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How can self-defense be applied to assault accusations?

On Behalf of | May 2, 2023 | Criminal Law

People in Pennsylvania might be arrested for assault if they get into a physical altercation in a public area. They may also be arrested long after an encounter with someone else. There are even scenarios wherein individuals get arrested and are completely unaware of the precipitating circumstances that led to their policing encounter because they had nothing to do with the original incident.

Assault charges are potentially life-altering allegations, as a guilty plea or a conviction might mean that an individual is compelled to endure limited opportunities because of their criminal record for the rest of their life. Fighting back against those allegations is often the best response for those who assert that they did not intend to harm another person or violate state law.

Self-defense claims are a type of affirmative defense

Individuals who have been accused of violating the state prohibition on violent physical contact can potentially push back against the charges that they face by asserting that they acted in self-defense. When a lawyer presents a claim of self-defense during a criminal trial, they will attempt to establish that the defendant did not violate the law because their use of physical was a response to an imminent threat.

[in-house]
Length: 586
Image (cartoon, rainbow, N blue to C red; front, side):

Both fear for one’s personal well-being and concern for someone else’s safety when witnessing a crime can justify an individual’s use of physical force to protect themselves or stop a crime in progress.  Unlike other criminal defense strategies that seek to raise questions about whether someone committed certain actions, an affirmative defense like a claim of self-defense seeks to reframe the behavior to show that it was technically legal.

Someone’s fear for their safety must be reasonable

There are limitations on self-defense claims that influence how a lawyer will explain the situation to the courts. Provided that the defendant claiming they acted in self-defense was not violating the law when they encountered the other party and did not instigate the incident or initiate physical contact, they may be able to convince the courts that they acted to protect themselves or others and therefore did not commit a crime.

Additionally, the fear someone experiences needs to seem reasonable to others. There can also be questions about the degree of force used to defend oneself based on someone’s analysis of the threat to their safety. Self-defense claims are only one of several ways in which those facing assault charges in Pennsylvania can potentially avoid a conviction.

Seeking legal guidance in order to learn about the most common and effective criminal defense strategies can be a smart move for those who have recently been arrested and are facing charges.



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